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Short Case

Lemming Television

Lemming Television (LTV) is a television production company which specializes in making outside
broadcast (OB) specials for a variety of television networks. It was recently commissioned to
make a series of summer roadshow programmes which would be shot at locations around
Europe during the spring and early summer and broadcast by the customer (a satellite
broadcasting network) during the summer. The programmes would involve circus acts, displays,
events and computer-graphic displays to entertain the crowds and popular entertainment acts and
interviews which would be interspersed with contestant games. Managing the preparation for the
series was the responsibility of the shows producer, Flo Brown. Flo, who had recently graduated
with distinction from her MBA course, knew that she would need to keep a tight grip on the
arrangements for the roadshow series. The shooting would start at the end of May and the final
show would be recorded at the end of July. The shows would be broadcast between early July and
late August, so any delay either in recording the material or in editing the programmes would
cause considerable complications.

The company had known that it would be commissioned to make the programmes since
December, but Flo had only been allocated the job in early February! Her first act was to list the
various jobs which would have to be done before shooting could start. She then discussed each
job with the part of the company which would carry it out, to try to understand what decisions
would need to be made before they could start on their jobs. The jobs which needed to be done
prior to the start of the shooting are listed below together with some details.

The producers responsibilities (as well as managing the whole project) included:

Scheduling the venues: would take about two weeks to finalize and could be started
straight away.
Defining the design concept: would need discussions with the chief designer and would
take about four weeks of considering alternative designs before finalizing the concept, but
could be started straight away.
Specifying computer-graphic displays: again in consultation with the chief designer, it
would take about a week but could not be started until all the detailed planning had been
finalized.
The design departments responsibility was:
Producing artwork for printed materials: would take about three weeks but could be
started only after completion of the detailed planning.
The programme planning departments responsibilities were:
Booking the venues: a one-week job which could be started as soon as the venues had
been decided by Flo.
Detailed planning: the preparation of detailed plans and schedules, a two-week task which
could be started once the design concept had been finalized and the venues booked.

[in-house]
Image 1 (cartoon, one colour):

Printing the brochures: an outside printer could be given this job as soon as the artwork
for the printed materials had been prepared by the design department. The printer usually
quoted a four-week delivery from receipt of the artwork.
Printing the display posters: again depended on the preparation of the artwork but could
be delivered within two weeks of the artwork being ready.
Ordering the roadshow vehicles: several trailer trucks and ancillary vehicles were
needed which could be ordered on completion of the detailed planning; delivery of the vehicles
would take about six weeks.
Writing the graphic display software: contracted out to a software house, it would take
about four weeks but could only be started after the computer graphics had been specified by
the producer and chief designer.
Final testing and rehearsals: the programme planning department were finally
responsible for getting the whole act together immediately prior to shooting. Testing and
rehearsals could only start once the brochures had been printed, the vehicles fully fitted out
and customized and the promotion staff trained. Final tests and rehearsals should take around
a week but, if things went wrong at any stage, could take longer.

The workshops responsibility was:

Customizing and fitting out the vehicles: after the vehicles are delivered and the artwork
agreed and the computer-graphics software finished, the vehicles could be fitted out and
customized for the shows; this would normally take around two weeks.

The personnel department was responsible for:

Recruiting the promotion (promo) staff: these were the people (often resting actors)
who staffed the exhibits and entertained the crowds; they could be recruited as soon as the
detailed planning was completed. Usually it took two weeks to recruit all the promo staff.
Training the promo staff: once all promo staff had been recruited they would need training
a one-week task.

Questions
1 Can Flo get the project together in time to start shooting on schedule?
2 Which are the jobs which she will have to manage particularly closely?
3 What general advice would you give her to help her to manage this project?